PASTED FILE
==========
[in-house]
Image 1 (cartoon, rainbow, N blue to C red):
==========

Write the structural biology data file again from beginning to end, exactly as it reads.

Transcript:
[in-house]
Image 1 (cartoon, rainbow, N blue to C red):